Before I met Drew, I had no idea this place existed. It’s hidden in plain sight. Once, several years ago, I took a wrong turn and ended up here at the “Wildlife Refuge” sign. I thought “What IS this??” and turned my car around. I had no clue people actually live here! It is beautiful and unique, and a bit of a secret.
We see families of deer regularly, blue herons, hawks, and the usual woodland critters like possums, owls, raccoons, and snakes. It’s so great that the animals can live peacefully here. Even though the snakes scare the life out of me. Once in a while, we’ll get a bear and that adds a bit of excitement! There are definite perks to living in a wildlife refuge. Being surrounded by nature is powerful, and it’s peaceful and quiet in general.
The lots here are very wooded. The building codes are strict, and some of the lots are too small to build on, so no one buys them. Our city is a “Tree City”, which means there are regulations regarding the removal, planting, and maintenance of trees. There are trees EVERYWHERE. Unfortunately, the leaves do block a lot of the sun, so we don’t get much natural light in our house. And when it snows or rains, or when the sun shines, branches or entire trees fall and our power goes out. That happens a little too frequently!
In my own home, we’re kind of messy! I totally understand why, when I’m in cleaning mode, my kids ask who’s coming over. I mean, we live here and we have a lot of stuff! It’s never perfectly tidy. But coming home feels good and comfortable.
I do have bad anxiety sometimes and then all our stuff bothers me. At that point I just want to get rid of everything.
I hope that our home feels inviting! We have a lot of antique furniture and unique decorations. I think that somehow adds to the energy of the house itself. Our styles blend together very nicely. Quirky, retro, nostalgic, eclectic…we aren’t the greatest decorators, but we sure love our antique finds. Drew sometimes comes home with cool area rugs or pieces of mid-century modern furniture, but we run out of room for them! Old books, art prints, globes, maps, clocks, and cameras are some of our favorite little things to collect and display.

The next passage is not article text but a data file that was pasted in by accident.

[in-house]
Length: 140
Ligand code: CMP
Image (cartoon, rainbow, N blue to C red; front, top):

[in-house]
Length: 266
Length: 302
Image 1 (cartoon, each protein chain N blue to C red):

As an artist, I mostly work in watercolor, acrylics, and oils. I’m also a photographer and I love toying with analog cameras and trying different types of film. Typically, my paintings are landscapes, and traveling to new places really fuels my creativity. We visit Drew’s family in Utah when we can, and I love it so much. I always come home with hundreds of inspiration photos.
During our most recent trip, we spent a few days in Idaho and also decided to take a day trip to the Tetons, which was breathtaking. That trip is the basis of my newest painting series.
My home art studio is a place I’m very grateful for. It has almost everything I need, and it’s a luxury to walk downstairs to get to work! Right now, I sell my work online and in art shows. A goal of ours for the next year is for me to have a studio and small gallery space outside the home, but nearby. It would be great to meet people while I work! I would love to have open studio times for curious visitors to come and go, and to host events and workshops once in a while.